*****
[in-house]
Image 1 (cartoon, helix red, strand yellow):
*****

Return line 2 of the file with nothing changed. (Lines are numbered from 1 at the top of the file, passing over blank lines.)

Image 1 (cartoon, helix red, strand yellow):